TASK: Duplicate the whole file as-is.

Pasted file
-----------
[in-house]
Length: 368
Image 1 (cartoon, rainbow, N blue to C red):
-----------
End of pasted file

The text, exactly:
[in-house]
Length: 368
Image 1 (cartoon, rainbow, N blue to C red):